The world of work has been revolutionised in the space of a generation. Previous norms like jobs for life, working nine to five and the 40-hour week now seem like relics from ancient history.
Traditional attitudes to retirement have also become just as outdated as the typing pool or the fax machine. The current baby boomer generation is no longer content with the idea of a sudden shift from working full-time to not working at all.
A recent study published found that retired people were twice as likely to feel depressed than those who were still working
Actuaries know that if you reach retirement age then your chances of living healthily to a ripe old age are great. In fact, nowadays our post-work lives can last as long as our working lives. Yet psychologists tell us that everyone needs some kind of purpose in life otherwise it can be very difficult to cope with the boredom, loss of status, and lack of mental stimulation that arise from a cliff-edge retirement.
A recent study published found that retired people were twice as likely to feel depressed than those who were still working.i Harvard’s School of Public Health also found that those who retire completely had a 40% greater chance of having a heart attack than their peers who continued working. Faced with such compelling insights, there is a growing realisation that there is much more to retirement planning than just getting the finances right.
A cultural shift in attitudes is taking place: people are increasingly treating retirement as a gradual process rather than as an artificial finishing line imposed by others. The government banned compulsory retirement ages in 2011 and it seems that the baby boomer generation is embracing the huge freedoms and opportunities that this fluid approach offers.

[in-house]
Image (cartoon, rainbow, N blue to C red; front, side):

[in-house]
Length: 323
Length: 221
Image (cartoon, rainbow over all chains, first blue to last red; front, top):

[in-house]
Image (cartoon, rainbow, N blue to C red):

Working past retirement? Or getting genuine satisfaction from life?
Valuable lessons can be learned from Japan which has the world’s oldest population both in demographic terms and in the longevity of its citizens. Nearly 33% of Japanese are over the age of 65 compared to 18% in the UK. With shrinking birth rates, Japan has been rethinking its attitudes to retirement. Today, almost a quarter of people over 65 in Japan are still working, the highest proportion in the G7 group on industrial nations.
The Japanese are famous for introducing the world to their word karoshi, which means, literally, death by overwork. Its coinage reflects the intensity of the nation’s ‘salaryman’ working culture.
The Japanese word for retirement is taishoku, but they also have a concept called ikagai which serves as an inspiration for British baby boomers contemplating retirement options.
There is no direct equivalent of ikagai in English, but the best translation would be “the reason I get out of bed in the morning” or “the thing that I live for”. Your ikagai is what you are passionate about, the thing that gives you genuine satisfaction and that gives your life meaning. Studies of the extremely long-lived and happy citizens of Okinawa show that if you are engaged in something you enjoy, then you have no desire to retire. This feeling of contentment goes far beyond financial security. It is a happiness that comes from being inspired every day.
Old and outdated? Or skilled, experienced and resourceful?
That philosophy is perfect for the new approach to flexible retirement in the UK where half of us intend to work past the state pension age. More than a quarter of us would prefer to reduce our hours while staying in our current job, while a fifth of us would like to earn a living from our hobby or by starting our own business.ii Keeping a foot in the world of work keeps you physically and mentally active, gets you out of the house and provides a useful source of income.